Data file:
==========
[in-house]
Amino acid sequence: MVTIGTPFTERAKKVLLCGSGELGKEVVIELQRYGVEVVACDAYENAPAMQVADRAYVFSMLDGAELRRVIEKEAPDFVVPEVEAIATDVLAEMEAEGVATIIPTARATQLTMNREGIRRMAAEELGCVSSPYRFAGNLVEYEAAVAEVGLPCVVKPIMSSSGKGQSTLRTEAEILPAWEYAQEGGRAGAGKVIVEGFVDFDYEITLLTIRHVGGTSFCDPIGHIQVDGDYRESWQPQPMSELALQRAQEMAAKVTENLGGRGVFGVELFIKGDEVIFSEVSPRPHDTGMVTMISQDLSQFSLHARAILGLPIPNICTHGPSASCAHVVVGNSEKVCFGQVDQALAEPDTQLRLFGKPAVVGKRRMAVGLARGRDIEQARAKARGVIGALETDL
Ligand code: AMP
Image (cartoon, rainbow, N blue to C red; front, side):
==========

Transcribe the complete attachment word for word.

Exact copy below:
[in-house]
Amino acid sequence: MVTIGTPFTERAKKVLLCGSGELGKEVVIELQRYGVEVVACDAYENAPAMQVADRAYVFSMLDGAELRRVIEKEAPDFVVPEVEAIATDVLAEMEAEGVATIIPTARATQLTMNREGIRRMAAEELGCVSSPYRFAGNLVEYEAAVAEVGLPCVVKPIMSSSGKGQSTLRTEAEILPAWEYAQEGGRAGAGKVIVEGFVDFDYEITLLTIRHVGGTSFCDPIGHIQVDGDYRESWQPQPMSELALQRAQEMAAKVTENLGGRGVFGVELFIKGDEVIFSEVSPRPHDTGMVTMISQDLSQFSLHARAILGLPIPNICTHGPSASCAHVVVGNSEKVCFGQVDQALAEPDTQLRLFGKPAVVGKRRMAVGLARGRDIEQARAKARGVIGALETDL
Ligand code: AMP
Image (cartoon, rainbow, N blue to C red; front, side):